neofight78, frustrating is at least clearly understandable for me, as a Russian. Make a difference is idiomatic (so I'm not sure what it means) and also can be further elaborated:
- "His score on this test will make the difference between passing and failing"(dictionary)
Here I can only think of "his passing depends on" or "his score determines"
- "These curtains sure make a difference in the lighting."
I can only think of "change lighting"
But why 'make a/the difference' and not "depend" and "change"? Does "make a difference' makes a difference?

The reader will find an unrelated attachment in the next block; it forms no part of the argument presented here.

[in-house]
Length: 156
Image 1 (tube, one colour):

- "if you’re really determined to find that next big idea and time it right to make a difference, it typically takes 20 years from discovery to takeoff" (form a Russian forum) Have no idea what it may mean:)))) As I understand, implication is that this idea will be of some use for someone?
Russian 'изменить ситуацию' is 'change the situation'. Far less idiomatic. The emphasis is on 'situation', that is, it is implied that there is some 'situation' to change.